Russia pauses after wind tender flop

The date of the next stage of Russia’s wind-power tender is uncertain, as officials ponder whether to include the type of local-content requirements (LCR) that were blamed for causing the first phase to flop.

Russia was expected to hold a tender for projects in the smaller “retail market” – 25MW and below – by the end of this month.

But after the first-phase auction for the larger “wholesale” market ended with just one 51MW project vying for the 1.6GW on offer, officials are apparently yet to decide how to proceed regarding LCR – the strict nature of which were widely blamed for the lack of takers.

"We hope that there won't be any LCR," Maxim Gridasov, CEO of Russia Wind Energy Association (RWEA) told Recharge.

"Now we see that the main reason for the limited participation in this tender was the uncertainty with LCR for turbine manufacturers," he says.

According to Gridasov, major foreign suppliers such as Gamesa and GE would consider siting production in Russia.

But with uncertainty surrounding the tender process, developers will pause rather than risk their money in an uncertain market, said Gridasov.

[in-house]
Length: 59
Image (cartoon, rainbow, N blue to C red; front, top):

"Now the ball is the court of turbine manufacturers, but they need time to decide if it would be profitable to manufacture in Russia or not," he added.

The Russian-Czech developer Alten – a unit of the Czech investment fund Falcon Capital – was the sole taker for the supply deals on offer, planning the construction and commissioning of the 51MW project in 2015, with an additional 150MW in 2017.

Plans for Russia's emerging wind-power market are currently dependent on local-content rules set out in the country's federal energy law, with 55% of content required in 2015 and 65% in 2016-2018.

The underperforming results of the tender apparently come as no surprise to industry officials. Patrick Willems, IFC Russia Renewable Energy Program Manager said that it only confirms "limited expectations".

"We cannot help to notice that the limitations imposed by CAPEX and local content requirements have not provided for an equal level playing field for wind and small hydro generation," he added.

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